Wednesday, August 24, 2011

Warner Bros. wants Affleck for "FPS: THE MOVIE"

THR reports that Warner Bros. and Joel Silver are courting Ben "Comeback Kid" Affleck to direct and star in the high-concept action feature "Line of Sight." The screenplay is a commandos-transporting-cargo-through-enemy-territory deal, but here's the gimmick: They want to do the whole thing in POV, "akin to a first-person shooter game." Gaming-industry vet F. Scott Frazier wrote the original script, but it's now being 'polished' by "Halo: Reach" writer Peter O'Brien.

This was probably innevitable, what with the penetration Call of Duty etc. have had in the media, but it doesn't stop it from being a not great idea. The "FPS sequence" in the "Doom" movie was a cute moment, but the equivalent of watching someone play CoD for 90 minutes on a big screen? No thanks.

"First person" filmmaking has been tried before, most notably for "Lady in The Lake" in 1947, but it's never really caught on as anything but a stylistic gimmick that tends to get a little old. Watching an entire movie over the barrel of Ben Affleck's rifle-barrel sounds like unmitigated torture... though not QUITE as torturous as the innevitable studio spin about how this perspective "brings action filmmaking up to date with the vibe of a New Generation." Blegh.

15 comments:

Adam said...

Never saw Doom, but the concept of a totally First Person Movie: regardless of what activities the person acting as the camera is engaging in sounds kind of interesting (and I play very few First Person games, Metroid Prime might be the only one that counts). 90 minutes sounds like overkill though. Perhaps a 15-20 minute short (with a steady cam, please dear Lord)?

Also why Ben Affleck? Hell why anyone of note? I think the effect would be much more interesting if the person didn't talk and instead you just took in everything on screen and let the characters around you emote and all that.

Jonathan Mentser said...
This comment has been removed by the author.
Jonathan said...

So, does anyone else expect this to look kind of like an action version of the "Verne" scene from "Ernest Saves Christmas," or is it just me?

Enigma said...

The only good example of First Person filmmaking I can think of is ENTER THE VOID, and that movie isn't even first person in the same way as a FPS, since it's from the perspective of a ghost that floats around Tokyo. Very interesting, if flawed movie.

Pyrian said...

First-person perspective is great for interactive media and terrible for passive media, for the exact same reason: it puts the player/audience in the position of the main character they're playing as/(not) watching.

counterpoint said...

what if, instead, the movie was looking at Affleck's face while he does this stuff?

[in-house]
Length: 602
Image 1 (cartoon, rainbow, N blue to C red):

or, even better, in SECOND PERSON? you know, watching US

Carlsberg said...

what about cloverfield? that was pretty good.

Jonny Pratt said...

Could be worse. Could be third-person - staring at ben's arse, camera getting stuck on the scenery...

Chris Evans said...

How is this any different than a found footage movie like Cloverfield or Blare Witch?

KillerSlavikO said...

It can be interesting to see action scenes from first person point of view, but a whole movie?
I don't think it will work.

Sylocat said...

I'd love to see a techno-thriller where someone comes up with a Strange Days-esque justification for this technique. Like, eye-cams are becoming a new fad, and somehow it factors into a plot...

Lee Kalba said...

Or there was that episode of Tales from the Crypt, that was the POV of a corpse.
I have to agree with Pyrian.

@Chris Evans,
A "found footage" style kind of brakes the fourth wall and admits there's a camera there. It becomes like a documentary or a home movie.
The POV thing is trying to get you to accept that you're looking through this character's eyes, the main character, at that.
It's OK to forget that the camera guy is supposed to be a character, because the movie or scene isn't about that person. When it's POV, it can be jarring in a movie, because you can't see the person's face. I'm pretty sure it's because the way the brain works.
When you make an expression, your brain has a kind of cartoon image of what that expression should look like. When aren't in control of that character but still can't see that face, I think we start to lose empathy.
However, in prose, it still works not being able to see a character's face, since we are asked to imagine everything.

@Adam,
Why Afflek? Have you not heard of The Town?

The Offender said...

POV rarely works. It gets old fast most of the time. Last time I saw it done well was that one episode of MASH.

Ayrton said...

Even in video-game cut-scenes, uncontrollable 1st person view get tiresome really fast.

Chris Cesarano said...

but it's now being 'polished' by "Halo: Reach" writer Peter O'Brien.

I enjoyed Halo: Reach, but not at all for the writing. In fact, the writing is certainly the game's biggest flaw.

Also, wasn't there an independent film about a bunch of guys in a tank that already pulled this off?